Elaine Khuu is an industrial designer at littleBits and the Digital Arts and Humanities Research Center (DAHRC) at Pratt Institute. Through littleBits Elaine is introducing a new generation of children to engineering and inspiring them to explore their creativity through technology. At Pratt, Elaine collaborates with designers and organizations on new applications of technology. With DAHRC, Elaine has presented the use of pressure sensors and pressure visualizations in furniture at the NYC Media Lab 2015 Annual Summit; and the use of highlighting changes in local fauna and flora to bring attention to global climate change at the BLOOMBERG D4GX (Data for Good Exchange) and STRATA + HADOOP World Conference.
Andrew Bogaard is an MD/PhD candidate at the University of Washington in Seattle who studies the motor cortex, a part of the brain that coordinates movement. It's an important area for clinical and philosophical reasons, he says, because movement is central in our daily lives, and some believe it's the reason brains evolved. Currently, he is conducting experiments in the Fetz lab that use experimental electrical devices for communicating back and forth with the motor cortex. Bogaard hopes that this research will teach us about normal brain functioning and inform development of the next generation of neuroprosthetics. Prior to this, he studied physics and worked in labs at the University of Michigan, MIT and Boston University.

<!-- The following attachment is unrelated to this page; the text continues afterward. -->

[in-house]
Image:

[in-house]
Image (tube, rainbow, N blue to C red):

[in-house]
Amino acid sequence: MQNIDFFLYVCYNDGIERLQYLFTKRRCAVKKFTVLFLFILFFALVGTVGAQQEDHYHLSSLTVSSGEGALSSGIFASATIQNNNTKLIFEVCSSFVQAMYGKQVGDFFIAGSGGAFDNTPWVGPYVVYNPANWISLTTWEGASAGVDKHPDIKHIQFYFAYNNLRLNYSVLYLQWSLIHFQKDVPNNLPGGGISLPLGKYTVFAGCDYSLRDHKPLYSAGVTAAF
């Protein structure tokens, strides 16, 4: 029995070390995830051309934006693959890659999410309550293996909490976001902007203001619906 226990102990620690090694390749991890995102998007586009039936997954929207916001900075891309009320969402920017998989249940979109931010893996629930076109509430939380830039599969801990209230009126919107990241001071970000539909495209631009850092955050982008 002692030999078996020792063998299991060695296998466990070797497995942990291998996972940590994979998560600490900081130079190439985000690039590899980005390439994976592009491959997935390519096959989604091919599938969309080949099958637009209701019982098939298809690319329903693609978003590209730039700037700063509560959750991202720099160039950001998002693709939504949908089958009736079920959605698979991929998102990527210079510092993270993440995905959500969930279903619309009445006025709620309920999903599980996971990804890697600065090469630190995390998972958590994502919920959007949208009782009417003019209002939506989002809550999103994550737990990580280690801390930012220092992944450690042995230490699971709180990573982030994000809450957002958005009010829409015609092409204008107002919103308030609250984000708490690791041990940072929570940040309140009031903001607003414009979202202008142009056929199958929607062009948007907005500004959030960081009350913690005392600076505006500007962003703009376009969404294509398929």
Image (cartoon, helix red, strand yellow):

WHAT ARE THEY MAKING?
Elaine and Andrew are creating simple machines representing two models for signal transmission for movement. The first machine represents the concept that distinct neurons fire in a particular sequence to trigger a movement. In contrast, the second machine shows the more likely model that the same movement can be driven by different neurons firing in varying sequence.
Each machine requires two inputs from the viewer: start and reset. To start the ball-run, simply pull the lever labeled START on each machine. Resetting the balls requires the viewer to turn the crank until the balls appear at the top of each machine. While the first machine only has three balls, and needs each of them to run; the second can run with a variable amount.